{Almost daily outfit of the day} Vintage skirts and compressed internal organ syndrome: an overview 5.2.12

Gap Outlet tee; vintage thrifted skirt; thrifted Banana Republic flats; vintage estate sale clutch; Forever 21 and eBay bracelets

Friends, today I would like to introduce you to a terrifying-sounding yet mostly innocuous medical condition called Vintage Skirt-Induced Compressed Internal Organ Syndrome, also known as VSI-CIOS. Symptoms include difficulty breathing, shortness of breath, nausea, the inability to tuck in shirts, and confusion regarding whether the waist size of women in the 60's and 70's was as tiny as clothes of that time suggest.

VSI-CIOS is often a mix of two diseases:
  • Chronic Obstructive Denial: In CID, the patient insists on wearing vintage skirts with waist sizes that do not correlate with their actual waist measurement.
  • Compulsive Thrifting Disorder: Victims of CTD spend an excessive amount of time in thrift stores, despite intervention by friends and family to reduce this time-sucking behavior.
So far, researchers have identified victims of VSI-CIOS as female vintage enthusiasts with the confounding ability to sacrifice physical discomfort for personal style. You might get VSI-CIOS if you have a tendency to to spend an excessive amount of time in thrift stores, find yourself compulsively buying vintage skirts with waists that squeeze and pinch, and irrationally justify their purchase through statements such as "This skirt is Satan's handiwork, but I'm wearing it" and "OH MY GOD I CAN'T BREATHE...but I sure look cute."

There is no known cure for VSI-CIOS, largely because the sweet siren call of a great vintage skirt is hard, if not impossible, to resist. Attempts to come between a vintage enthusiast and her apparel should be regarded as potentially life-threatening and extremely dangerous. 

I confess that today I am a victim of Vintage Skirt-Induced Compressed Internal Organ Syndrome. But when the skirt is this great, I could care less.


  1. So so funny!
    That skirt is definitely worth suffering from VSI- CIOS. It's the cutest thing I've seen on ur blog and you have some cute things.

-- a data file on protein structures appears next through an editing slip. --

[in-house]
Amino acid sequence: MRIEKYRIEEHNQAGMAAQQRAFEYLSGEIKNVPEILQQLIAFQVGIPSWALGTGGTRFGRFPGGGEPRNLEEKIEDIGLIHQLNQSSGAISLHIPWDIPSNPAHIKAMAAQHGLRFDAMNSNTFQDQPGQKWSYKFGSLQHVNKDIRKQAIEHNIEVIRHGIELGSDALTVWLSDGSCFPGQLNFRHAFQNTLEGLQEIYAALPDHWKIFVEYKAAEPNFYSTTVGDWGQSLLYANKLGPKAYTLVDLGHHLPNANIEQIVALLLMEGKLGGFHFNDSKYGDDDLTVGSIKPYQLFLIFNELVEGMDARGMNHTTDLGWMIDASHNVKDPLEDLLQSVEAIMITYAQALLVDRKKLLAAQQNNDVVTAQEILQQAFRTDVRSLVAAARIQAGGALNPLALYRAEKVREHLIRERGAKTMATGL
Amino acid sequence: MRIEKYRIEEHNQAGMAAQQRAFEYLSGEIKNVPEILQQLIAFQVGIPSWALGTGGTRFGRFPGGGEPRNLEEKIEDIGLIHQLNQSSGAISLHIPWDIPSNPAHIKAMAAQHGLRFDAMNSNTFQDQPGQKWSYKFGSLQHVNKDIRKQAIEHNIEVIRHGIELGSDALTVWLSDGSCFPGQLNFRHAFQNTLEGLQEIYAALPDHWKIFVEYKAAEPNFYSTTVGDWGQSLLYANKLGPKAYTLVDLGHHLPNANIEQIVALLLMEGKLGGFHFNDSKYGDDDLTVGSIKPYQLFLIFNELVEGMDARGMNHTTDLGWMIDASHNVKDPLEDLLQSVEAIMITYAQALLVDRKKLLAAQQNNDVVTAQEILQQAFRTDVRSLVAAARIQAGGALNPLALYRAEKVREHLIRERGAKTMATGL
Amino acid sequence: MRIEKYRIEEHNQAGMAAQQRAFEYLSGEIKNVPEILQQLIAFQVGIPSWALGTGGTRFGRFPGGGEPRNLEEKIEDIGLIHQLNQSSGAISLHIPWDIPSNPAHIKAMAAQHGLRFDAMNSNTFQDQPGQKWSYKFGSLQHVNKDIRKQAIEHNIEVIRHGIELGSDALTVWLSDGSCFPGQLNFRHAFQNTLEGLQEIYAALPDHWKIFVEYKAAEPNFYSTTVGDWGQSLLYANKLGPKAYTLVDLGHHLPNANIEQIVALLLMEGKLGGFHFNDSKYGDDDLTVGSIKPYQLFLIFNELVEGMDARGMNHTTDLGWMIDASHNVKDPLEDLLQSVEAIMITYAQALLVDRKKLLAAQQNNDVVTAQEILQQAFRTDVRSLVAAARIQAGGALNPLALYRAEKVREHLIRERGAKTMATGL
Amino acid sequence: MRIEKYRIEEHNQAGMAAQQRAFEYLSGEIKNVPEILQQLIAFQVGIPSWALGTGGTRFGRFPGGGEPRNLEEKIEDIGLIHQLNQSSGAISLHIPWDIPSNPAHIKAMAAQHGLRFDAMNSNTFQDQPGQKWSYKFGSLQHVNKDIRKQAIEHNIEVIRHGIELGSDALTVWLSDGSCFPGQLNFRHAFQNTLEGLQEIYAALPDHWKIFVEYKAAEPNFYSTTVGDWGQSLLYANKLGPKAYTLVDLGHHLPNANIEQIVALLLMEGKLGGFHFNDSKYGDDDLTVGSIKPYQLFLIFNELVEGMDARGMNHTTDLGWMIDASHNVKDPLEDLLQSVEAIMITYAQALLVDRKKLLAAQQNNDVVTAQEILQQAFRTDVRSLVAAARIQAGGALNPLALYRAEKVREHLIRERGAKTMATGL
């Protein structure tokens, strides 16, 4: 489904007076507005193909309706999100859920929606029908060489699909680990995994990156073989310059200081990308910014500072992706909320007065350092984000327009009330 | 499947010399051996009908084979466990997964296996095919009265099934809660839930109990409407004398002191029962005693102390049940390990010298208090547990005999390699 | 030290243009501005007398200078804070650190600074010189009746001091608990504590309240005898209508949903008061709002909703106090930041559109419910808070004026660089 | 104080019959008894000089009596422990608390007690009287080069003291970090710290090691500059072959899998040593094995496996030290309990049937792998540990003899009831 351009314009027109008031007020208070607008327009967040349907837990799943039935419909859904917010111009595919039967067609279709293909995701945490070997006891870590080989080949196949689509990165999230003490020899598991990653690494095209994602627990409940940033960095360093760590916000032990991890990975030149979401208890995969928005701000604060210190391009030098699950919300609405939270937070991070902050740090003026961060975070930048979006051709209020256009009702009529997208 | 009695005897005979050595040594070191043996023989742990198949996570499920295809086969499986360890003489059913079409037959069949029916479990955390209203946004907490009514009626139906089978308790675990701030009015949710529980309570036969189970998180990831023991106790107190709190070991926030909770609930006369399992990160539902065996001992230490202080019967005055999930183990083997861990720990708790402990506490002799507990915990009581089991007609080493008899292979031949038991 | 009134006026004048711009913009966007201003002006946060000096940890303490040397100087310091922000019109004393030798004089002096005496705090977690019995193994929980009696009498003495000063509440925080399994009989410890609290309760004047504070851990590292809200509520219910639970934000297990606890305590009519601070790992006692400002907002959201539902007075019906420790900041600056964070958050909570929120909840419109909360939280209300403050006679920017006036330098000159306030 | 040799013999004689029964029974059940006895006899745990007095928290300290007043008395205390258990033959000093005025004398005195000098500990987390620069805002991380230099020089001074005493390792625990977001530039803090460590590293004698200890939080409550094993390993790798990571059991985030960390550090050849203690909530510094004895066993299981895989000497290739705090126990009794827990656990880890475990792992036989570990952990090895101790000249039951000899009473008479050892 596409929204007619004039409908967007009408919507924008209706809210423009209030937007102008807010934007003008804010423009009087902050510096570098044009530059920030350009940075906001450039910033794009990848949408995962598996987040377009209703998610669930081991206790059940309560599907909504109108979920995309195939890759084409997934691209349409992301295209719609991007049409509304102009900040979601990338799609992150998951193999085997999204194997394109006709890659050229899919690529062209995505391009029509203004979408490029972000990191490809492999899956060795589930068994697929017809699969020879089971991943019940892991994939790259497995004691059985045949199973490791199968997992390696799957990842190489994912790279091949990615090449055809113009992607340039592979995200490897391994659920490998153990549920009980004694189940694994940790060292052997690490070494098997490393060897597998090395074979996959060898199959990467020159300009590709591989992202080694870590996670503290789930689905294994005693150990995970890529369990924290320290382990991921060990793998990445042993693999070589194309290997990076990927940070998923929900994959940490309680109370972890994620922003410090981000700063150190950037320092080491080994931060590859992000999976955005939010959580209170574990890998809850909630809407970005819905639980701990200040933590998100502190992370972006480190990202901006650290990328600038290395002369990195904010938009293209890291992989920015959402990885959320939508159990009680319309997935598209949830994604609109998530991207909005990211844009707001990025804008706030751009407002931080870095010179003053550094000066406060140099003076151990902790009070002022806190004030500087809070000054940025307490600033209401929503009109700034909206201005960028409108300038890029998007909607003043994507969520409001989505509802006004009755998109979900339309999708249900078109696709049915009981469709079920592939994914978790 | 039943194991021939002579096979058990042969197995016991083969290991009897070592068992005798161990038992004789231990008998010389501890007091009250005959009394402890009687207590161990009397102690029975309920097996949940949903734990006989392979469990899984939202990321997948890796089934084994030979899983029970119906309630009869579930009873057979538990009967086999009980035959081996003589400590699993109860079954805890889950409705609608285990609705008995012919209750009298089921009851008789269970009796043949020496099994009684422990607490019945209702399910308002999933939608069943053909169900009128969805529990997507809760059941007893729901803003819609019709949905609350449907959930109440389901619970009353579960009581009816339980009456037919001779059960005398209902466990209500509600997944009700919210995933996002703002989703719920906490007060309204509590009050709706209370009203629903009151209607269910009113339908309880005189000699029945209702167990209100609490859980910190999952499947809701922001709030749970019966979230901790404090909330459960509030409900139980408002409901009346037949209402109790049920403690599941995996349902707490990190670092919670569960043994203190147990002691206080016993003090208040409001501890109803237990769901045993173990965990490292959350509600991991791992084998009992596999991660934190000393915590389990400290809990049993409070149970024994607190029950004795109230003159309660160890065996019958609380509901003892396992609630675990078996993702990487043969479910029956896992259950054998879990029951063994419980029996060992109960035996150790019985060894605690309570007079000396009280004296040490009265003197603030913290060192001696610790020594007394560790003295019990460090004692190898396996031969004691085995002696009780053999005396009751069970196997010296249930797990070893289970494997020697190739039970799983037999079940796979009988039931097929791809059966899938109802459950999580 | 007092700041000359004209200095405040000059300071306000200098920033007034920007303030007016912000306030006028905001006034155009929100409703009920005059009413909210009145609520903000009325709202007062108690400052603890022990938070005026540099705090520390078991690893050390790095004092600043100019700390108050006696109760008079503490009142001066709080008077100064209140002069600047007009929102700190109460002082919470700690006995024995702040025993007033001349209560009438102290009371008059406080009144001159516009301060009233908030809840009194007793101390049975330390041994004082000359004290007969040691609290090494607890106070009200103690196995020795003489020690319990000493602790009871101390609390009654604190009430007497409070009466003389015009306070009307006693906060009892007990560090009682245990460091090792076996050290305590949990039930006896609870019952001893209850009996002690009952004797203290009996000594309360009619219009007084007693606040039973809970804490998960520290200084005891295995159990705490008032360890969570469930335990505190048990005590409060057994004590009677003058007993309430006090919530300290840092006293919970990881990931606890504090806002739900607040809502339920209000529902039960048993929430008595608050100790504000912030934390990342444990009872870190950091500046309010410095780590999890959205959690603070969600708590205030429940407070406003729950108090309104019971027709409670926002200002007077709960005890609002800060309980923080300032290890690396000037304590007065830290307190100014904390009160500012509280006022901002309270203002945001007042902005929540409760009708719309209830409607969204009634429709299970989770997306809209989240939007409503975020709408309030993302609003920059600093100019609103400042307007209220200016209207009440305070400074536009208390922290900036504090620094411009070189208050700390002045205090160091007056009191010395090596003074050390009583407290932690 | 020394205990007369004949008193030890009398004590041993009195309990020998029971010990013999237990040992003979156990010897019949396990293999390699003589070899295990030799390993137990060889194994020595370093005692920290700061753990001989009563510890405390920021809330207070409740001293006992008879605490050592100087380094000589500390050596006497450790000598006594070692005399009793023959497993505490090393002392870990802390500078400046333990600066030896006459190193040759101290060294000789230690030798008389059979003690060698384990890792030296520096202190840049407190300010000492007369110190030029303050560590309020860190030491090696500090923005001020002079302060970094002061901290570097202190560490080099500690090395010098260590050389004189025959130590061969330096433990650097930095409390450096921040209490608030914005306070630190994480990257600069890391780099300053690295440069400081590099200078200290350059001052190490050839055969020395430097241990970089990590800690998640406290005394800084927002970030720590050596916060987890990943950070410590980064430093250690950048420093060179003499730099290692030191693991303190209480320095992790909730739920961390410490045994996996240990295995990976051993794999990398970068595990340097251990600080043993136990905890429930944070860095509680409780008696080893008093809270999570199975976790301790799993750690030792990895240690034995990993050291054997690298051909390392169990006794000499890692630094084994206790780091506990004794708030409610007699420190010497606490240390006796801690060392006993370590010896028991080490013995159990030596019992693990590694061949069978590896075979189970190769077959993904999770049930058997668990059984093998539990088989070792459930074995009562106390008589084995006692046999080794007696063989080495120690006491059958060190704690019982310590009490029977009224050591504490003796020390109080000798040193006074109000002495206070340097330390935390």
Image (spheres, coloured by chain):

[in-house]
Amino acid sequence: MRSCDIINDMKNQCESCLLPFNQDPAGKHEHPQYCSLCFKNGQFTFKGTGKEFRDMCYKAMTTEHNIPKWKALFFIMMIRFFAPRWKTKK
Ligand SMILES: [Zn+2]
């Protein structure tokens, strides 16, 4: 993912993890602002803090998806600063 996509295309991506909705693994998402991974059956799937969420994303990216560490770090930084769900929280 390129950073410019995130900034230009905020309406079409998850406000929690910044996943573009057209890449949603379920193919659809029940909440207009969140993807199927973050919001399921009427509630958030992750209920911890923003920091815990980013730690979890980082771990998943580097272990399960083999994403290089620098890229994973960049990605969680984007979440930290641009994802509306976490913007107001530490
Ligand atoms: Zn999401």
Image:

Diana from http://thegirlwhocouldntbeafashionista.blogspot.com/

  2. So funny and true! Since getting into vintage (mostly on Etsy) I have noticed that you have to be relatively small/thin to find a decent selection. Most the time when I find something I like it is too small, and I consider myself to be a "normal" weight (whatever that means). I'm no Scarlett, but I have a pretty small waist and still I have trouble. Those women in the 50's/60's must have been tiny! My solution? Buy elastic whenever possible!

  3. Oh honey that skirt is worth all of the medical conditions in the world!

  4. My mom (born in 1938) says she started wearing a "panty girdle" (like Spanx) every day but Saturday when she was 12 YEARS OLD, and moved up to a girdle and stockings by high school. Her mother thought that the "support" was necessary for any "nice" girl's growing body (all direct quotes here!).

    I have no doubt that starting to suck it all in as a skinny preteen did have an effect both on body shape and posture.

    I am 44, and I can remember wearing skirts quite snug in the waist in the early 1980s--I think that was just the fashion and/or expectation about fit. I won't do it anymore! But I love your skirt on you--such a great print!


  5. Disease or not, you look fabulous. ;)

    I'm terrible. You're going to scream at me.
    Then resew the waist with elastic if I'm feeling ambitious.
    If I'm lazy, I just use safety pins. I consider it punk.

    Great post. Very funny.

  7. Regarding: "confusion regarding whether the waist size of women in the 60's and 70's was as tiny as clothes of that time suggest." I have a theory about this. And it's no, they were not, really. Sure there wasn't an obesity epidemic, and lots of ladies did wear some pretty structured foundation garments, but consider that this vintage stuff has been around for years (duh, I know, but stick with me) being passed down to others, pulled out of storage and being tried on by junior fashionistas of multiple decades, being sacrificed for Halloween costumes. The more easily wearable stuff- the bigger sized stuff that fit more people- got used up first. And the teeny tiny waisted stuff that only comfortably fit tweens and waifs? That got put back in the box, left at the thrift store, or lingered in the closet of the fashionista who could only wear them after a five day juice fast. So it survived, while the larger sized garments got worn to their ultimate, threadbare, ragged demise.

    Wear your skirt. I'm not one to say that a little discomfort isn't worth it for something you adore. It looks beautiful. No question. I'm just worried that the, "oh, those vintage ladies were all so svelte," refrain might be yet another pernicious my-body-isn't-good-enough-the-way-it-is negative programming message. Because they weren't. And we get enough negative messages without revising history to create our own. Just like in the store at the mall if something doesn't fit it's because the garment is the wrong size, not you- you're not some gargantuan modern product of rampant affluence and hormone injected chicken (although that might be a concern)- it's a small skirt and it's still here because hardly anyone could wear it.

  8. I have this syndrome...but have suffered without knowing what to call it!

  9. ok, literally, I have 2 goodwill skirts like this from 3 years ago in my closet now.... are you telling me that I won't ever get around to having them tailored? shit.

  10. Getting caught up on my commenting and had to tell you that you look AWESOME in this! LOOOOVE! P.S. Breathing is for pansies :)


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